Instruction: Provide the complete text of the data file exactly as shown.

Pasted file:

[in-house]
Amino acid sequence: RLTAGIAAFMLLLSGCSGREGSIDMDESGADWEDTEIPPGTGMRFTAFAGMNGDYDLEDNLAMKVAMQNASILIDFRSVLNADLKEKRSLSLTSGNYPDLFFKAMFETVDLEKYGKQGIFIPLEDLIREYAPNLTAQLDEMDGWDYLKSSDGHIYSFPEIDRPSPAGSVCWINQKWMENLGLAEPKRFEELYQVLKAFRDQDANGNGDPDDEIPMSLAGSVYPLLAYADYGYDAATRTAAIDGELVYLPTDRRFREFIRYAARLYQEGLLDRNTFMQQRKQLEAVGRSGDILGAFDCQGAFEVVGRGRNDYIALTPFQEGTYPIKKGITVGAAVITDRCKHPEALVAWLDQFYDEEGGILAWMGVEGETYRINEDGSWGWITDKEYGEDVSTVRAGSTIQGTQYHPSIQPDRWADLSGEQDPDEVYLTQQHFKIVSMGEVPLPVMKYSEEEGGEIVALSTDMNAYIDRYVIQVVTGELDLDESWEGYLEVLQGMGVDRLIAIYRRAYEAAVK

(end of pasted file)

[in-house]
Amino acid sequence: RLTAGIAAFMLLLSGCSGREGSIDMDESGADWEDTEIPPGTGMRFTAFAGMNGDYDLEDNLAMKVAMQNASILIDFRSVLNADLKEKRSLSLTSGNYPDLFFKAMFETVDLEKYGKQGIFIPLEDLIREYAPNLTAQLDEMDGWDYLKSSDGHIYSFPEIDRPSPAGSVCWINQKWMENLGLAEPKRFEELYQVLKAFRDQDANGNGDPDDEIPMSLAGSVYPLLAYADYGYDAATRTAAIDGELVYLPTDRRFREFIRYAARLYQEGLLDRNTFMQQRKQLEAVGRSGDILGAFDCQGAFEVVGRGRNDYIALTPFQEGTYPIKKGITVGAAVITDRCKHPEALVAWLDQFYDEEGGILAWMGVEGETYRINEDGSWGWITDKEYGEDVSTVRAGSTIQGTQYHPSIQPDRWADLSGEQDPDEVYLTQQHFKIVSMGEVPLPVMKYSEEEGGEIVALSTDMNAYIDRYVIQVVTGELDLDESWEGYLEVLQGMGVDRLIAIYRRAYEAAVK